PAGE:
Seeing the old and new models side by side the latest one definitely has its own distinctive style and L319 is fairly dated in places, yet it's a testament to the design of the 2004-2017 shape model that it looks as contemporary as it somehow still does.

How big? How heavy?

L462 weighs up to 480kg less than L319 version-for-version, which goes to show just how heavy (2.5 tonnes) the former steel frame platform was. New Discovery uses D7u, a version of JLR's Premium Lightweight Architecture. This has been adapted from what we already know underpins the Range Rover and Range Rover Sport. The next Defender should also share much with these models under its aluminium body panels.

The Discovery has the same 2,922mm wheelbase as the Range Rover but unlike that model, there are (up to) seven seats. In some countries, five seats are standard with seven optional. As was the case with L319, these are staggered so that those in the second and third rows have a good view ahead. Measuring 4,970mm from end to end, the new generation of this big 4x4 is 140mm longer than the 2004-2017 shape model and 40mm lower.


Engines at the market launch in March were as follows:

  • 180PS Td4 and 240PS Sd4 2.0-litre four-cylinder Ingenium diesel biturbo
  • 258PS Td6 3.0-litre V6 diesel biturbo supplied by Ford
  • 340PS Si6 3.0-litre V6 supercharged petrol supplied by Ford

Land Rover hasn't said when the new 2.0-litre Ingenium petrol will be added, but this will likely happen within the coming months, to be followed by the 525PS supercharged V8 later in 2018. All are linked to a ZF eight-speed torque converter automatic transmission.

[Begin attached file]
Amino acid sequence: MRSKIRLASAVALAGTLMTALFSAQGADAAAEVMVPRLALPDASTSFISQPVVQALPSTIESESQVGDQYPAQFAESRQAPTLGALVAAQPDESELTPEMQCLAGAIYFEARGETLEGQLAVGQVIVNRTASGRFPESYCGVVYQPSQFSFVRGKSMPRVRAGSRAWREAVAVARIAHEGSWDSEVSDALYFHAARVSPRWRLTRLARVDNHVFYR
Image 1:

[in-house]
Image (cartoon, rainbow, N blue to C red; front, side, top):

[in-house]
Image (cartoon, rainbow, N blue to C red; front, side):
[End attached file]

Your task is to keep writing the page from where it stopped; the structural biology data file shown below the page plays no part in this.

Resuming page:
JLR stated a few days ago that it will offer every one of its vehicles with some form of electrified powertrain from 2020 onwards. This could mean mild hybrid, hybrid, plug-in hybrid or electric power, but the rumours are that a PHEV Discovery is under development as a rival for the Volvo XC90 Twin Engine.


As well as being made in Solihull, the L462 Discovery will be the first vehicle to be built at JLR's Nitra plant, once that factory comes on stream in 2019. Some also believe that the L663 Defender will also be built in low-cost Slovakia but JLR has made no statement about this one way or the other.

Living with a Discovery

The version I spent some days with was a seven-seater Td6 HSE Luxury. One of the most novel things about it was the electrically powered rear seats, or rather how they can be controlled. You can do this from either the touchscreen, buttons in the boot or even via your phone. They move relatively slowly but the great news is that both rows fold perfectly flat.

The boot might be a bit too small for some with the third row raised but there's no doubting its capacity when in five-seater form. That means up to 2,500 litres of load capacity, or up to 1,231 litres behind row two.

The torque of the 258PS 3.0-litre V6 is a thumping 600Nm and this is delivered at only 1,750Nm. Even with its weight of 2,230kg, this almost 5m long SUV charges to 60mph in 7.7 seconds (call it 8 seconds for 0-100km/h) and top speed is 130mph. Overall consumption was 35.6mpg and this is a bit better than what Land Rover quotes for the Urban cycle. CO2 for the Td6 is 189g/km.

Even though it looks huge to some, the 4,970mm long Discovery isn't really that big. Certainly not compared to a Mercedes GLS-Class or even a Ford Ranger, both or which are far longer. So parking is easy and the views are good, even without watching via the touchscreen in tight spaces. As a potential family car it offers lot, though like most other Land Rovers, it isn't cheap. The test vehicle was priced at GBP64,195.